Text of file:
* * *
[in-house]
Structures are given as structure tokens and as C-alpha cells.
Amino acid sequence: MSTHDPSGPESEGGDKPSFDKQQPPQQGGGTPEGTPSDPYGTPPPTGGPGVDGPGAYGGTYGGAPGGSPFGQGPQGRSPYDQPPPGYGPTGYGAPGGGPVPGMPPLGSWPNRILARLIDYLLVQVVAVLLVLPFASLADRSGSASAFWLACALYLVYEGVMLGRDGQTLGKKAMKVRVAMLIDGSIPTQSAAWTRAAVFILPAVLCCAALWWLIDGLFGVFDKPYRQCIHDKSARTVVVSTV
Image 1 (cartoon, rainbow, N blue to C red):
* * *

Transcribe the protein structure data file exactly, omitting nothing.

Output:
[in-house]
Structures are given as structure tokens and as C-alpha cells.
Amino acid sequence: MSTHDPSGPESEGGDKPSFDKQQPPQQGGGTPEGTPSDPYGTPPPTGGPGVDGPGAYGGTYGGAPGGSPFGQGPQGRSPYDQPPPGYGPTGYGAPGGGPVPGMPPLGSWPNRILARLIDYLLVQVVAVLLVLPFASLADRSGSASAFWLACALYLVYEGVMLGRDGQTLGKKAMKVRVAMLIDGSIPTQSAAWTRAAVFILPAVLCCAALWWLIDGLFGVFDKPYRQCIHDKSARTVVVSTV
Image 1 (cartoon, rainbow, N blue to C red):